By Johanna Bear
Photos by and Getty Images
To many figure skaters, as well as athletes from other sports, a fourth place finish at a competition can feel like a failure, or at the very least a missed opportunity; coming so close and yet so far from receiving a meaningful medal. For Grant Hochstein, however, a fourth place finish has been both a victory and an opportunity to continue proving himself.
Hochstein finished in fourth place at the 2016Championships in Saint Paul, Minnesota, and also came in just shy of a podium spot this past fall at his two ISU Grand Prix events, Cup of China in Beijing and NHK Trophy in Nagano, Japan.
“It sometimes gets a little frustrating finishing in fourth because I have been so close to the podium on multiple occasions,” Hochstein said. “Fortunately at the U.S. Championships, fourth place does get a medal! That being said, to finish fourth at both of my Grand Prix events was extremely validating for the work that I’ve been doing. The fields in those events were so deep and to be able to hold my own against those guys felt great!”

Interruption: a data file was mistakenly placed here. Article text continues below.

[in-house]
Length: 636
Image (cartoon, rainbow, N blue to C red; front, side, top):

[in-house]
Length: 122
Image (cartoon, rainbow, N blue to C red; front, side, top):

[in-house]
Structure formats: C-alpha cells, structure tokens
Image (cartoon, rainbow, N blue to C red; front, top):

In the process of competing in those Grand Prix events, which marked his first time returning to the Grand Prix circuit since 2010-2011, Hochstein got the invaluable experience of watching reigning World champion Javier Fernandez of Spain and reigning Olympic champion Yuzuru Hanyu of Japan, two of the premier talents in the sport, go about their business en route to both of them taking home the titles in China and Japan, respectively.
“What I was able to take away from competing against Javi and Yuzu was their extreme focus and confidence. They enter a building and know that they are the best. It’s nice that they both have remained humble, even with their great successes,” Hochstein stated.